Thanksgivings Gone By

"Thanksgivings Gone By"

I'm not sure I could  distinguish one Thanksgiving from another growing up.  They were superbly scripted, and that script was run year after year.  Here are some of the major points:

  • Stuffing Preparation.  The weekend before Thanksgiving, mom would buy three loaves of Sunbeam Bread.  They would be put onto baking sheets and toasted in the oven.  We would all sit with a big bowl in the center of the table, breaking up the toasted bread for the stuffing.
    This was not "dressing" which would be cooked outside the bird - oh no - this was STUFFING.  
  • Turkey Preparation.  The night before Thanksgiving, the turkey would be washed and rinsed and salted, and the stuffing would be inserted.  Both ends.  Then - mom would pull out her waxed string and the turkey needle and stitch Mr. Turkey back together.  He would then sit in a pan overnight on a table in our "back room" until he hit the oven early the next day.  How we never succumbed to food poisoning - I'll never know.  
  • Thanksgiving Morning.  Mom would start cooking at about the crack of dawn.  She made countless side dishes - and they all came off a four burner gas stove with a rather small oven.  There would be pots and pans all over the kitchen with root vegetables peeled and cut and soaking in water.  The rest of the family had one standing order from her:  "GET OUT OF MY KITCHEN AND STAY OUT!"
    We'd watch the Macy's Parade and stay clear of that kitchen.
  • Smawk a Beet.  So...  being Swedish American means that we had some of the Swedish words in our grasp - but since an actual Swede hadn't said those words the way they should be pronounced in over 50 years at our house, they were a bit mangled.  "SMAWK A BEET" my father would yell from the kitchen when the turkey had come out of the oven and everyone was invited to "TASTE A BIT).  Using Google Translate - I'm amazed that this was amazingly close to the true Swedish of "Smak a bita".  (A future WOW story will talk about more bad translations....)
  • Timing.  My mother was an absolute master at timing the pieces of a meal.  God only knows how she did it with all those dishes, but she orchestrated that meal like as if she were conducting the Boston Philharmonic.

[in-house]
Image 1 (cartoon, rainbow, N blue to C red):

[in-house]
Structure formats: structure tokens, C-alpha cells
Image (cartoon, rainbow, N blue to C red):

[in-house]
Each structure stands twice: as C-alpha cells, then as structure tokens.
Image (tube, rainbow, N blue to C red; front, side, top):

• Mom's Rules.  Mom had a "thing" about food temperature.  She always said:  "Hot foods - Hot.  Cold foods - Cold."  God Bless Anyone who served her something that was supposed to be hot - and it was room temperature.  This rule is  then naturally followed by:  "When dinner is ready - it is served."  Mom may not have had the last word on a lot of things at our house - but she had the last word on these two rules.
    When dinner was ready - everyone sat at the table - immediately.  If anyone wasn't there (late, overslept, whatever) they got cold food.  Period.  No apologies from my mom.  You know the rules - everyone knows the rules.  Your food is cold - tough luck.  Invariably one of the extended families would be late...  Mom would say - "Make yourselves a plate..." but there would be no heat applied to that food.
  • The Family Fight.  The instigator of the annual Thanksgiving Family Fight was the same person every year.  Said instigator would say something crass or complain in such a way that my mom would get get angry and walk away from the table.  Silence would prevail for a while until the conversation picked up again - usually right where it had left off.  DING.  ROUND TWO!  Everything the same except the volume of the discussion would get raised.  I seriously don't remember a Thanksgiving that didn't have the Family Fight...  Huh...  It looked like a Rockwell painting there for a while....
  • Naps and a Walk.  We would eventually nap while a football game played on the TV.  Dad would blame it on the Tryptophan in the turkey.  When we woke up - my father would take everyone on the annual walk.  Sometimes in the woods, usually up to the church in town.  Why the church?  I have no clue.  I guess that was the length of walk he liked to take.  
However you spend your Thanksgiving, I pray that it finds you happy and safe.  2020 has been a tough year, but there's a light at the end of this tunnel - and I don't think it's an oncoming train.

Happy Thanksgiving Everyone!